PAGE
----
Joe Frank McKee knows what Dillsboro is capable of. “It’s a fighting town,” he said. “There are more craftsmen involved here these days, which means if you’re making your product and selling your product, you have more of a reason to fight.”
Co-owner of Tree House Pottery on Front Street in downtown Dillsboro, McKee and his business partner, Travis Berning, have spent the last 11 years setting down roots and investing in what has become a premier pottery establishment in Southern Appalachia. And as the town itself celebrates its 125th birthday on Sept. 6, many businesses within the community are reflecting on a storied past, an uncertain present, and a hopeful future.
The Jarrett House has stood in Dillsboro since 1884. Since before Dillsboro was Dillsboro.
Dillsboro sits at the crossroads of U.S. 441 and N.C. 23. Nestled between the past and future, it is a town that continues to evolve.
“I think it’s just a classic, old American town. Laid-back,” said Jim Hartbarger, sitting in the parlor of the Jarrett House.
French Kirkpatrick can sum up Carroll Best.
“What he did with the banjo was above and beyond,” Kirkpatrick said. “He was the most, probably without a doubt, the most creative banjo player I was ever in a room with.”
Recently at his home in Ironduff, a mountain community a few miles outside of downtown Waynesville, Kirkpatrick, an acclaimed musician in his own right, relaxed further back into his couch and reminisced with a smile about his late friend.
1889 — Cullowhee Academy opens with 18 students and 1 teacher
By Randall Holcombe • WCU
The little school that was the forerunner of Western Carolina University was called Cullowhee Academy. Its location is marked by a stone memorial, erected in 1934, that sits in a garden area between the university’s steam plant and Breese Gymnasium. The memorial honors Robert Lee Madison, who was 22 when he taught his first class of 18 students at the academy on Aug. 5, 1889.
It’s August, freshman move-in day, and Western Carolina University is welcoming a new class of freshmen to campus. It’s what WCU Chancellor David Belcher calls a “huge day.”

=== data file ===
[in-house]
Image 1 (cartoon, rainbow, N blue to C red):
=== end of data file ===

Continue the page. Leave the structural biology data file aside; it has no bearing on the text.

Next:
“We’ve got students coming in right and left,” says Belcher.
One of those students is Kailey Spencer. She plans to study forensics and is looking forward to the lab work.
It promised to be one of the most riveting nights of the year for members of the Jackson County Genealogical Society.
Half a dozen men filed through the door of the Sylva library hauling boxes and pulling hand trucks bulging with old tools and implements, some of them scrounged from their papaw’s blacksmith shop or granny’s cellar, and others collected over the years from auctions or relatives or flea markets, because there’s really no such thing as too many tools.
“People could stay for hours and talk about these items and their uses and the stories that go with them,” said Tim Osment, president of the genealogical society. “The tool itself represents a time when folks used their hands to build their own items. There is a sense of nostalgia that goes with that.”
Regional histories are my favorite literary genre. It’s in them that the nitty-gritty of everyday life is most clearly portrayed. Dr. H.G. Jones’ Scoundrels, Rogues and Heroes of the Old North State (Charleston SC: The History Press, 2005, soft cover, 128 pp., $16.99), edited by K. Randell Jones and Caitlin D. Jones, is a collection of more than 50 such essays. They were selected from a body of work that appeared as a weekly series of columns titled “In the Light of History” published by the Associated Press in newspapers across North Carolina from 1969 to 1986.
On Jan. 12, 1864, a Confederate battery of artillery and about 650 men under the command of Gen. Robert B. Vance crossed the Smokies at Indian Gap — situated at 5,317 feet between Clingmans Dome and Newfound Gap along the high divide between North Carolina and Tennessee — in an attempt to secure provisions, screen the main approaches to North Carolina, and guard the left flank of the Longstreet’s main Confederate force at Greeneville, Tenn.